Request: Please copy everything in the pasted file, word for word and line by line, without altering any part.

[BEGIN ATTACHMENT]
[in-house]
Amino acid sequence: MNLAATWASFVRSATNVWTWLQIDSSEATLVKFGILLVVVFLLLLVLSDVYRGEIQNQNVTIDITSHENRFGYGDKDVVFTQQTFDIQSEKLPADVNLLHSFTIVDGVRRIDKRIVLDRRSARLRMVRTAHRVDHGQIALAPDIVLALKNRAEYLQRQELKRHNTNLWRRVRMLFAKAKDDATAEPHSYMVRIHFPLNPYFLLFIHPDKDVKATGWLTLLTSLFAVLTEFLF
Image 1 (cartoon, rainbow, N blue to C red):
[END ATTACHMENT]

[in-house]
Amino acid sequence: MNLAATWASFVRSATNVWTWLQIDSSEATLVKFGILLVVVFLLLLVLSDVYRGEIQNQNVTIDITSHENRFGYGDKDVVFTQQTFDIQSEKLPADVNLLHSFTIVDGVRRIDKRIVLDRRSARLRMVRTAHRVDHGQIALAPDIVLALKNRAEYLQRQELKRHNTNLWRRVRMLFAKAKDDATAEPHSYMVRIHFPLNPYFLLFIHPDKDVKATGWLTLLTSLFAVLTEFLF
Image 1 (cartoon, rainbow, N blue to C red):